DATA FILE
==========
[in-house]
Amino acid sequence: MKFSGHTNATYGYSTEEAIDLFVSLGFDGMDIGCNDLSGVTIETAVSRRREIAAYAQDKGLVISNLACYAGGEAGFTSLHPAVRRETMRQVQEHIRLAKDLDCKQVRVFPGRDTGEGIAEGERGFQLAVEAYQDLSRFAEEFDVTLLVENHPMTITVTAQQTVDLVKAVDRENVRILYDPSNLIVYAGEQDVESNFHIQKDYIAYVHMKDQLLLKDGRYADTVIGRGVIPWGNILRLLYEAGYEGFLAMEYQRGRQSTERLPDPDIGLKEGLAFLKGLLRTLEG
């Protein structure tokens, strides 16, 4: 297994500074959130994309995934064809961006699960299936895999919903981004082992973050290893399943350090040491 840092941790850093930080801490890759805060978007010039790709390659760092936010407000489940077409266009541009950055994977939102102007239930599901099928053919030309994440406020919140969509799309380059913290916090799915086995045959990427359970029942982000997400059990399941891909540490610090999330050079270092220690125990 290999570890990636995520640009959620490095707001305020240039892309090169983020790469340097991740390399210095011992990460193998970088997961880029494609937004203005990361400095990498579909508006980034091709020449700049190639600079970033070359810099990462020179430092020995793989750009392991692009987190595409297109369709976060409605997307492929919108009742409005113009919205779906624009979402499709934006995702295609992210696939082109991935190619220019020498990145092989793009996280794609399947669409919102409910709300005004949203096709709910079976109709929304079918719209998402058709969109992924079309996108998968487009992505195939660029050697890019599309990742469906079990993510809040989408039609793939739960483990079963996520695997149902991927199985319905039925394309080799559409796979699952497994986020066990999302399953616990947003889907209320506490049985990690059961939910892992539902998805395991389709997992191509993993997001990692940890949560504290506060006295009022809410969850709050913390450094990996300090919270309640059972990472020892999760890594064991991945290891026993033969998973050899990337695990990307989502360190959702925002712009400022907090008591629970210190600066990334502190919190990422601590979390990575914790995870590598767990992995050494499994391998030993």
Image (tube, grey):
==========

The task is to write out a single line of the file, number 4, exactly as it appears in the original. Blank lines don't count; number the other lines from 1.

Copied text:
Image (tube, grey):